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Roy Kaufmann always lands on his feet.

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0f4f7bfRoy Kaufmann always lands on his feet.

Or, as he puts it: “If I had a superpower, it would be the power to parlay.”

I caught up with Kaufmann this morning at Marco’s Café in Multnomah Village, a hop and a skip from his new employer, Lewis & Clark.

The last time I saw Kaufmann was in January at the Oregon Business Summit.  I was sitting on the floor of the Convention Center ballroom, laptop plugged into an electrical outlet, listening to Gov. Kitzhaber deliver the keynote speech.

Kaufmann, then Kitzhaber’s speechwriter, plopped down next to me, delivering — in hushed tones — a meta-commentary on the governor’s rhetorical style and preferred literary references. (Wallace Stegner, I believe, was out. William Kittredge was in.)

One month later Kitzhaber was gone. And Kaufmann was out of a job. “Totally surreal.”

Over an omelette and toast, Kaufmann relived those last days. Like many staff, Kaufmann learned Kitzhaber was resigning only 90 minutes before the erstwhile governor delivered his formal announcement. “In hindsight, it should have been clear,” Kaufmann says. 

But Kaufmann, a former spokesperson for Mayor Sam Adams, must have sensed the jig was up. The week before the governor’s 4th term came crashing down, Kaufmann cold-called a marketing director at Reed, who alerted him to a new employment opportunity: Director of Public Relations at Lewis & Clark.

He got the job.

Is the ivory tower a respite from the cutthroat world of politics? 

Not exactly.  “Universities are political environments,” Kaufmann says. The faculty, full and part-time, staff, donors, administrators and students are all very smart — and very opinionated.

Kaufmann’s experience managing diverse stakeholders is a good fit for higher education administration.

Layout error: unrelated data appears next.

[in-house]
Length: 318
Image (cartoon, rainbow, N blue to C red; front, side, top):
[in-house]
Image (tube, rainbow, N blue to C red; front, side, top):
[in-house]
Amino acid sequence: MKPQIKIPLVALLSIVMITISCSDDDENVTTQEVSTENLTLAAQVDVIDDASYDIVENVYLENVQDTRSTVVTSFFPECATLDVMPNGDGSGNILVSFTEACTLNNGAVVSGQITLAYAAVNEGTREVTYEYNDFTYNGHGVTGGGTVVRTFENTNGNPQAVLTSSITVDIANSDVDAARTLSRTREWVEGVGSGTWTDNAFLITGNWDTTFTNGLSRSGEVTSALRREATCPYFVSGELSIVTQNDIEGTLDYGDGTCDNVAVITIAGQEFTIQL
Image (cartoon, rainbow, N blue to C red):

His curious mind also makes him a good fit for a liberal arts institution.

“Do you know we share much of our gene pool with yeast?” asks Kaufmann. He was mulling toast options — sourdough versus whole wheat — a comparison that prompted a recap of a recent news story about our biological affinity with the micro organisms that create bread and beer.

In a world that can’t stop talking about STEM (science, technology, engineering and math education), Kaufmann is going to bat for good, old-fashioned critical thinking.

“The problems facing the world today aren’t easily fixed by people who have degrees in technology,” he says. 

The achievement gap. Erosion of the middle class. Mental illness.

“These are huge issues that require studying how the hell we got here. And the way you find that out is by learning to ask great questions, by studying history, the liberal arts and sciences.”

Kaufmann is reluctant to give credit to a competitor. But he points out that Steve Jobs went to Reed, where the most famous tech CEO in history studied calligraphy, a pursuit that inspired the line of Macintosh fonts.

Before Lewis & Clark, before Kitzhaber, Kaufmann was a vice president at Hubbell Communications, a public affairs firm that worked on the legalization of marijuana and other social change issues.

Kaufmann and his wife, Claire Kaufmann, have since founded LeOr (Illuminating US), a “passion project” nonprofit Claire runs that is dedicated to Jewish perspectives on drug reform.

Why is weed a Jewish issue? Why is Israel on the cutting edge of medical marijuana research? Read LeOr to find out.

Kaufmann says he always thought he’d land in higher ed some day.

It’s a fast-moving world. We should all be so swift to adapt.




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